Dazed and Confused, the 1993 film by Richard Linklater that chronicles the last day and night of high school in 1976 for a group of suburban Texas teenagers, probably features the most pinball in any movie I've ever seen. Considering that I graduated high school in 1975, the arcade/pool hall featured in the movie is right out of my teenage years.

   What really peaked my interest in the arcade scenes was the shuffle alley just by front door of the "Emporium". A shuffle alley is not something I think I've ever seen in a movie or on TV. The most familar pinball scene in the movie is the close-up playfield action on a Bally Fireball.

But what about the other games in the movie? I did do a google search and a search on the Yahoo group dedicated to the movie ("the Moontower") to see if anybody else has tried to identify all the games in the movie. Other than the reference to the Fireball, I couldn't locate any other sites or posts that listed the games at the Emporium. So I loaded up the Criterion DVD on my laptop and with the help of the pause button and the Internet Pinball Database and it's advanced search capability, I've been able to identify the 9 games in the line-up and also the shuffle alley by the door.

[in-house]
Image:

Here is the famous "entrance" scene where Wooderson, Pink and Mitch first arrive at the Emporium. Played in slow motion with Dylan's haunting "Hurricane" as the soundtrack, it's one of the coolest scenes in the movie.  And at the right of the frame is a Williams Emerald Shuffle Alley, released in 1975.

Would you have seen one in your local arcade in May of 1976?  Probably not.  Would the Emporium have had one.  Maybe, due to the number of pool tables located there.  Shuffle Alleys were usually always placed into bars frequented by an older crowd and used for organized "league" play.  They were located in an area where the bartender could keep an eye on the machine, as the puck and the alley wax had a habit of growing legs and walking away.  The exposed "pins" could be a target for vandalism in an unsupervised area.